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Comparison of machine learning algorithms for broad leaf species classification using UAV-RGB images


Miraki, M; Sohrabi, H; Fatehi, P; Kneubühler, Mathias (2020). Comparison of machine learning algorithms for broad leaf species classification using UAV-RGB images. Journal of Geomatics Science and Technology, 10(2):1-10.

Abstract

Knowing the tree species combination of forests provides valuable information for studying the forest’s economic value, fire risk assessment, biodiversity monitoring, and wildlife habitat improvement. Fieldwork is often time-consuming and labor-required, free satellite data are available in coarse resolution and the use of manned aircraft is relatively costly. Recently, unmanned aerial vehicles (UAV) have been attended to be an easy-to-use, cost-effective tool for the classification of trees. In fact, given the cost-efficient nature of UAV derived SfM, coupled with its ease of application, it became a popular choice. The type of imagery is an important factor in classification analysis because the spatial and spectral resolution can influence the accuracy of classification. On the other hand, classification algorithms also play an important role in the accuracy of tree species identification. So, this study investigated the performance of four classifiers for tree species classification using UAV-based high-resolution imagery in broadleaf forests and takes a comparative approach to examine the three non-parametric classifiers including support vector machines (SVM), random forest (RF), artificial neural network (ANN), and one parametric classifier including linear discriminant analysis (LDA) classifiers in heterogeneous forests of Noor city located in Mazandaran province. In June 2019, the study area was photographed. The field survey was carried out to record the species and position of the mature overstory trees which were clearly identifiable on the orthomosaics. Individual tree crowns were clipped by one-meter buffer and the digit numbers were summarized at for each tree by computing descriptive statistics from the orthomosaics. Using zonal statistics, mean, standard deviation, variance, unique, range, mode, and median were calculated for raw bands (Red, Green, Blue), vegetation indices (NRB, NGB), and band ratios (G/R, R/B) from RGB orthomosaics. We classified the tree into 4 classes: Parrotia persica (Ironwood tree), Populus capsica (Caspian poplar), Ulmus minor (Common Elm), and Quercus castaneifolia (Chestnut-leaved oak). Finally, the classification algorithms were applied using R software. The classification accuracy for identified trees was performed using 10-fold cross-validation by computing the producer’s accuracy, user’s accuracy, and Overall accuracy. All algorithms resulted in overall accuracies above 80%. Of course, the results showed that, as a parametric algorithm, LDA with an overall accuracy of 0.87 provided the best results for tree classification, because it does not require the tuning of free parameters. As for parameter value, the mean was the most important that this can be related to the similarity of this feature in any sample. Caspian poplar with user accuracy of 0.97 and Ironwood tree with user accuracy of 0.72 had the highest and lowest classification accuracy, respectively. Caspian poplar high accuracy is probably due to its crown color which is quite different from the other species. The main error (misclassification) is a classification between “Ironwood tree” and “Common Elm” classes. This may be caused by the fact that the spectral signatures between Ironwood tree and Common Elm trees are very similar. In general, our study showed that UAV derived orthomosaic can be used for tree classification with very high accuracy in mix broadleaf forests by different algorithms.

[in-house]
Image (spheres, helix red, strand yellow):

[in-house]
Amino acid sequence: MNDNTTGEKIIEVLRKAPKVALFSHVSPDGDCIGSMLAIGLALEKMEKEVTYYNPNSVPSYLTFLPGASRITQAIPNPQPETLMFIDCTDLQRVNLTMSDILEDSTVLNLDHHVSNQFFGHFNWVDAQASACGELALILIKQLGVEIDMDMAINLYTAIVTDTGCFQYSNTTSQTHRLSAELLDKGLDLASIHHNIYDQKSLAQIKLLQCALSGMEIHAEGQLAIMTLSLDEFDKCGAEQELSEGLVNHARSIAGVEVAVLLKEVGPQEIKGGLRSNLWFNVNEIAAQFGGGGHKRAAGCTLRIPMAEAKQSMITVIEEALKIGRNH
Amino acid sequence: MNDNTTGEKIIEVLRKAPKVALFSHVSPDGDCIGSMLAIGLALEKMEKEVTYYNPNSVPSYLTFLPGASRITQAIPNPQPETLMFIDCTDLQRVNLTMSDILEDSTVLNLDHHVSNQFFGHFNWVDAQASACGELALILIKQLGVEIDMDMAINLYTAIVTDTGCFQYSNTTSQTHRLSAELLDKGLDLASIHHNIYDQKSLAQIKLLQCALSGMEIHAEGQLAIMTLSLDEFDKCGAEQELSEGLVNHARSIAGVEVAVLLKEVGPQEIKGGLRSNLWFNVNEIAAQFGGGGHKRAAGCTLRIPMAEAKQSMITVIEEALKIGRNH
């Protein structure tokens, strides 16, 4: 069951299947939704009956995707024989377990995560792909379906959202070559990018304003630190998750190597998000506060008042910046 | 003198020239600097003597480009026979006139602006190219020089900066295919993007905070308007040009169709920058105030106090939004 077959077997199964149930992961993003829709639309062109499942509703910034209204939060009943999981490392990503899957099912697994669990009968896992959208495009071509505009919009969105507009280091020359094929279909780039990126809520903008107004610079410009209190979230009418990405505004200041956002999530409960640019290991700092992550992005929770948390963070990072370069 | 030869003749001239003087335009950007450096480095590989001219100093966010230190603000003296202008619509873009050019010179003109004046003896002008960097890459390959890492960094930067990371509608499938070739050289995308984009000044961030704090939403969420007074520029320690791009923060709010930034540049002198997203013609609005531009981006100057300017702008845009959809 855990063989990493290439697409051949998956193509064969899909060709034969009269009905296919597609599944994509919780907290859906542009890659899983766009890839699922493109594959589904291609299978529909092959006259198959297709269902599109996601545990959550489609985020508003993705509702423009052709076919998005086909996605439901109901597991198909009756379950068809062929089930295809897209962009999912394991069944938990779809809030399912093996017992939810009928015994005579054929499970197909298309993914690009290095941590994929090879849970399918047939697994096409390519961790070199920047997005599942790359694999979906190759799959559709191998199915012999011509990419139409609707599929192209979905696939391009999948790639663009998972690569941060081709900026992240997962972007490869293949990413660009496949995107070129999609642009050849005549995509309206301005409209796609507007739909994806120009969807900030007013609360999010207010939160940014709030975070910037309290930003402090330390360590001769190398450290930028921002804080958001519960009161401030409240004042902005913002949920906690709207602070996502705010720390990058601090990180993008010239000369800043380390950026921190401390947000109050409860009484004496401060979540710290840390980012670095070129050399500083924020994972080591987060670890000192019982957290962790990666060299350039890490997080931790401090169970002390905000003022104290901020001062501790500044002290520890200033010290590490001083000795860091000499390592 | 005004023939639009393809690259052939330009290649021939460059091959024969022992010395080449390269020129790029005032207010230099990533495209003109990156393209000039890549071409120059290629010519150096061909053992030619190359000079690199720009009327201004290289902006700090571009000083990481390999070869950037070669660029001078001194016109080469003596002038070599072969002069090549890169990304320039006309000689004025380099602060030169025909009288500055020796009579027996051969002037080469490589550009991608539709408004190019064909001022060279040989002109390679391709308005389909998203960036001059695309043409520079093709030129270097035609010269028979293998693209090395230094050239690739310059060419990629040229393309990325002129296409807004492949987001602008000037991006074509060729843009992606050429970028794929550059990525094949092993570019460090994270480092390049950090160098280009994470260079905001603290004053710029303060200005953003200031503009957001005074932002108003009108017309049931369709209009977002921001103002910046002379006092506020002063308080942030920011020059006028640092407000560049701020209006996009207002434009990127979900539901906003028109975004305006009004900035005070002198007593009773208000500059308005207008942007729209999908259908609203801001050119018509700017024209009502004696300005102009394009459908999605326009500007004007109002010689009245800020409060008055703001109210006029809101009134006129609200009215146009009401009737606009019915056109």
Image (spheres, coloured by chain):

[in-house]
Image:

Abstract